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Freeze Frame is a weekly show reviewing the latest movies from Hollywood’s best films to independent and arthouse movies.
Freeze Frame: “Alita: Battle Angel” (PG-13), “Happy Death Day 2 U” (PG-13), “Isn’t it Romantic” (PG-13), “Capernaum” (R) February 15, 2019 | Noon on "Arts Magazine"
Producer James Cameron and director Robert Rodriguez team up to adapt the Japanese manga comic “Alita: Battle Angel.” In a dystopian future, a cyborg with a human brain is brought back to life to become the hero in a game of super Rollerball. While it’s an impressive visual spectacle, the story plays like a smorgasbord of ideas culled from other, better works. Annoyingly, there’s no climax, so the filmmakers expect us to wait for the sequel with bated breath.
The surprise hit horror flick “Happy Death Day” was a mashup of “Groundhog Day” and “Scream,” about a teenager who repeats that day she was murdered over and over again. The sequel, “Happy Death Day 2 U” may not match up, but it’s better than It has any business being with Jessica Rothe demonstrating a real range of emotion as she’s caught in a time loop with moral conundrums.
“Isn’t it Romantic” is a passable fantasy. Rebel Wilson plays a woman who gets bonked on the head and wakes up in an alternate universe filled with romantic comedy clichés. It feels very strained at times, but good for a few laughs on your Valentine’s Day date.
The harrowing Lebanese film “Capernaum” (CAP-er-nom) is a nominee for the Best Foreign Language Film Oscar. It’s the brutal tale of a poor little boy living on the streets or Beirut who sues his parents for giving him birth. He befriends an Ethiopian woman and becomes her baby’s unintentional guardian when the woman is detained by immigration authorities. Yes, “Capernaum” is grim, but a beautifully rendered and heartbreaking social drama.
Also opening this week, “Donnybrook” is a drama about desperate people who engage in illicit bare knuckles cage matches. Jamie Bell stars. “The Lears” is a contemporary comic adaptation of “King Lear” and “Lords of Chaos” tells the true story of a murderous death metal band.
Freeze Frame: “The LEGO Movie 2: The Second Part” (PG), “Oscar Nominated Shorts” (Not rated) February 8, 2019 | Noon on "Arts Magazine"
When “The LEGO Movie” debuted in 2014, it took audiences and critics by surprise…and the box office by storm! While the sequel “The LEGO Movie 2: The Second Part” lacks the freshness of the original, there’s still plenty of creativity and animated razzle dazzle on display. The LEGO universe has descended into dystopia and must contend with invaders from the cute but deadly DUPLO world. There’s plenty of broad humor for the kids and cheeky cultural references for adults, but the movie is almost undone by frenetic, breakneck editing. Still, “The LEGO Movie 2” delivers all the entertainment one could expect from a 90-minute toy commercial.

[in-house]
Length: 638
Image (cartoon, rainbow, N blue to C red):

Each year, I get the same question. Why should I care about the Oscar-nominated shorts if I can’t see them? Well, you can. The latest compilation has arrived and it’s easy to see why these films have been so honored. There’s no question as to the artistry of these efforts, so film buffs will have plenty to discuss in their post screening coffee talks. One note of caution: Most of these films are very dark and depressing. The best of the animated lot is probably “Bao,” the Pixar film about a dumpling come to life. “Madre,” a harrowing Spanish live short, is a model of taut direction and camerawork. There are three separate showcases at the Tivoli, with the animated and short program opening this week and the documentary short program starting on Feb. 15th.
Also opening this week, “Cold Pursuit” is a revenge thriller starring Liam Neeson. “What Men Want” is a gender flip on the 2001 Mel Gibson comedy. Taraji P. Henson stars as a woman who becomes able to hear men’s thoughts. “The Man Who Killed Hitler and them Big Foot” is an adventure drama starring Sam Elliot. “Tragedy Girls” is a twist on the slasher genre.
Freeze Frame: “Destroyer” (R), “They Shall Not Grow Old” (R) February 1, 2019 | Noon on "Arts Magazine"
The ‘down-on-his-luck cop trying for redemption’ genre gets a gender change in “Destroyer.” Nicole Kidman goes grimy and gritty in this dark character study about an LAPD detective with a lot of personal baggage whose past comes back to haunt her as she tries to unravel a murder mystery. Kidman goes all out in a performance that you’ll either find haunting or overblown. Count me somewhere in the middle. “Destroyer” tries a bit too hard to be grubby.